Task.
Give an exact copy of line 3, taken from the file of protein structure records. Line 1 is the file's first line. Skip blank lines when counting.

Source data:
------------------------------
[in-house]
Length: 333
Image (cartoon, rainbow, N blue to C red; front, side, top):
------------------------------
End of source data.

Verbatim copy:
Image (cartoon, rainbow, N blue to C red; front, side, top):